Thursday, February 17, 2011
Bath Salts Drug Craze Hits U.S.
"A growing number of states are moving to ban a new synthetic drug known as "bath salts" that can cause severe side effects, including paranoia, hallucinations and sometimes violent behavior."
Welcome to the big scary world of bath salts--a new drug craze sweeping the nation. These so-called bath salts are actually synthetic drugs known as mephedrone and MDPV that are marketed as bath products, plant food and other inedible items to obscure their real purpose: getting people high.
While there have been reports of psychosis and other severe side effects in bath salt users, these stories are rare and usually involve a combination of irresponsible dosing and underlying mental illness.
Undoubtedly there is a newsworthy story here, but is it the one we're being told? While these mind-altering drugs can cause grave harm and even death, most of the tragedies surrounding bath salts are the result of factors other than the drug itself--all of which are totally avoidable.
Epic Fail #1--High-profile distribution. Bath salts are sold in public venues like gas stations and convenience stores across the country, where every 15-year-old and his kid brother can buy a pack for himself and his "homies". Common sense suggests that selling drugs to children--legal or otherwise--is a bad idea. Kids are prohibited from buying alcohol or tobacco products, so why are business owners stocking their shelves with amphetamine-like drugs and selling them to minors?
Epic Fail #2--Irresponsible labeling. Bath salt drugs are marketed in a most reckless manner by profit-driven manufacturers who forgo ingredients lists in lieu of cutesy names like "Vanilla Sky," "Ivory Wave," and "Trippin' Balls". Despite a total lack of regulation, all dietary supplements are required to display a list of ingredients on the label according to FDA guidelines. Even ephedra--the over-the-counter supplement that killed baseball player Steve Bechler in 2004--was held to this standard. How can bath salt users determine a safe dose or avoid dangerous interactions when they don't even know what they're taking? The result is an unnecessary game of Russian roulette that puts lives at risk with every snort, sniff and swallow.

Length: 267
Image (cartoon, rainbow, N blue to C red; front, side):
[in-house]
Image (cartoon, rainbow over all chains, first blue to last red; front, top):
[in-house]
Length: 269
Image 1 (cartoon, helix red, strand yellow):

Epic Fail #3--Lack of public knowledge about safer methods of drug use. The "Just Say No" approach is the intellectual equivalent of abstinence-only sex ed, which is a piss-poor model in terms of effectiveness. Many times, the things left unsaid by drug educators do the most harm by creating a vacuum of knowledge to be filled with speculation, myths and misconceptions. The idea that a drug is safe because it's legal is one example, but there are many others. And it's not just teenage zombies who are spreading disinformation--the media is leading the pack with inaccurate and patently untrue statements about the risks of bath salts. Early coverage was marred by confusion as reporters misidentified the drugs as actual bath and body products, which speaks volumes about the degree of ignorance surrounding the issue.
For those curious, here's a list of states that have already placed bath salts in Schedule I, making them illegal to possess or distribute. You've been warned:
*Huntington, West Virginia
Currently, at least three other states including Alabama, Mississippi and Kentucky are working on legislation to ban bath salts.
Peace Out, Stay Salty--
Posted by Mary Microgram at 6:24 AM